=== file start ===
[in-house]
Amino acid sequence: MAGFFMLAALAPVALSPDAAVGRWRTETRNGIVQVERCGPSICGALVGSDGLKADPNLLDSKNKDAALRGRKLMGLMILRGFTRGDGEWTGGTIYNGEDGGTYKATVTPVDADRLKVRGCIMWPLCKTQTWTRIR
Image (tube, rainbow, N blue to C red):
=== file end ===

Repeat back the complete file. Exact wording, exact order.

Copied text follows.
[in-house]
Amino acid sequence: MAGFFMLAALAPVALSPDAAVGRWRTETRNGIVQVERCGPSICGALVGSDGLKADPNLLDSKNKDAALRGRKLMGLMILRGFTRGDGEWTGGTIYNGEDGGTYKATVTPVDADRLKVRGCIMWPLCKTQTWTRIR
Image (tube, rainbow, N blue to C red):